[13] For each year the diurnal dependence of polar cap patch occurrence is determined by checking for the presence or absence of a patch exceeding a given strength at a given time over all the year. The results are presented in Figure 7. At Sondrestromfjord a strong and wide regular peak is seen between 1200 UT and 2000 UT at all patch strengths irrespective of the level of sunspot activity. However, at a given patch strength the occurrence level drops with decreasing solar activity. For example, at the 5-MHz level the peak occurrence of 60% during high sunspot numbers of 120–150 seen in Figures 7a and 7b drops to less than 10% at the lowest sunspot number in Figure 7d. This effect is due to change in the strength of the tongue of ionization, which will be discussed a little later. At Qaanaaq the polar cap patch activity peaks around 1800 UT and is at a minimum around 1200 UT. Thus the peak activity occurs a few hours after magnetic noon. The peak activity of 60% during times of high sunspot numbers (120–150) seen in Figures 7e and 7f for patch strength ≥4 MHz drops to 20% at the low sunspot number of 10 in Figure 7h. Basu et al. [1995] noted that at Thule (100 km south of Qaanaaq), scintillation activity (associated with polar cap patches) is low between 0800 and 1200 UT and high between 2000 and 2400 UT. From satellite observations, Coley and Heelis [1995] note that the patches occur more often between 1200 and 2000 UT peaking around 1800 UT. Coley and Heelis [1998b] rightly state that the patches are a winter phenomenon indicating that the polar cap must be predominantly in darkness. The mechanism [Anderson et al., 1988; Decker et al., 1994; Valladares et al., 1996; Coley and Heelis, 1998b; Basu and Valladares, 1999] operates more effectively when the convection pattern is closer to the day terminator and has the longest residence time in sunlight for the formation of the tongue of ionization. These conditions occur near 1800 UT in winter in the Northern Hemisphere. Therefore polar cap patch occurrence peaks around 1800 UT.

Figure 7.

(a)–(h) Diurnal behavior of polar cap patch activity at Sondrestromfjord and Qaanaaq.

[14] Figure 8 shows the diurnal variation of electron density at Sondrestromfjord and Qaanaaq for the summer (July) and winter (December) months for four levels of sunspot activity. Each graph presents three levels: median and ±σ of the variation of electron density. At Sondrestromfjord in the summer months the electron density at all three levels is reasonably flat at all levels of sunspot activity. The difference between the top and the bottom level would be a measure of electron density available for the producing the patches. Therefore in summer months the plasma source resulting in the patches is weak and reduces in strength with declining sunspot activity. In the figure the second row presents the electron density at Qaanaaq. At Qaanaaq, similar to the activity at Sondrestromfjord, in summer, polar cap patches would be weak and show a further decline in strength with declining solar activity.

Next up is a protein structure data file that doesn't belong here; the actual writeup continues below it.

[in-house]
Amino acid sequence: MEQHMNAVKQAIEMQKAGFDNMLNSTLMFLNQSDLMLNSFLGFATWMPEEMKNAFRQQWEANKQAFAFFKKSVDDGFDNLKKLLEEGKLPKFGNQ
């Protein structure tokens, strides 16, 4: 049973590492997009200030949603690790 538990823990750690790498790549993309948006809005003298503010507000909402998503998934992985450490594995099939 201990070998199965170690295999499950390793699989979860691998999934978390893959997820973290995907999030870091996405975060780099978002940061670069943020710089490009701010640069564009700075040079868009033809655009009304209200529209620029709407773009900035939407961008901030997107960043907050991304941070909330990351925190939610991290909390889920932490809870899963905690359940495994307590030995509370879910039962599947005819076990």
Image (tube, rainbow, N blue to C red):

Figure 8.

Variation of electron density at Sondrestromfjord and Qaanaaq at median and ±σ levels in summer and winter for various levels of sunspot activity. The y scale for electron density extends from 0 to 200 × 104 cm−3.

[15] In Figure 8 the third row presents results for Sondrestromfjord. In winter months the electron density shows a regular increase between 1200 and 1800 UT with a peak around 1500 UT. The strength of the peak (December 1989) is strongest at highest sunspot number and reduces in strength with declining sunspot number. Weber et al. [1984] and Pedersen et al. [1998, 2000] showed that this peak electron density, called the tongue of ionization (TOI), is a source of the density seen within the polar cap patches and that these solar-produced patches move in the antisunward direction. The difference between the top and bottom curves at Qaanaaq shows behavior similar to that at Sondrestromfjord. At Qaanaaq the peak occurs around 1800 UT whereas at Sondrestromfjord the peak occurs around 1500 UT. This is consistent with the assumption that the patches are formed on the dayside at the high-latitude cusp region of Sondrestromfjord and drift to the darker polar latitudes of Qaanaaq. A reduction in the occurrence of polar cap patches with declining sunspot activity seen in Figures 13 is due to the decline in the strength of the source (TOI) with sunspot activity seen in Sondrestromfjord data in the third row of Figure 8.

[16] The seasonal variation of electron content available for the formation of a tongue of ionization at Sondrestromfjord, which may be seen in form of polar cap patches at Qaanaaq, is determined in the following manner. Levels of ± ó distributions of monthly diurnal variation such as those shown in Figure 8 are used. From these two levels the maximum and minimum determined for each month are shown in Figure 9 for stations Sondrestromfjord and Qaanaaq. In each graph a pair of dashed curves show the monthly maximum and minimum at the ± ó levels of diurnal variation, and the solid curve shows the difference between the dashed curves. The solid curve shows the electron density that contributes to TOI at Sondrestromfjord and to polar cap patches at Qaanaaq. A feature common to all these graphs is the bimodal distribution of electron density with peaks around the months of October–November and February–March. The averaged sunspot number (SSN) decreased from 150 in 1989–1990 to 10 in 1996–1997. At both the stations the strength of these peaks reduced by a factor of 5 during this period. This behavior explains the overall variations in polar cap patches shown in Figures 13 and their seasonal variations shown in Figure 4. The stronger patches observed occur in the months of October–November and February–March, which are the periods of occurrence of high electron density seen in Figure 9.

Figure 9.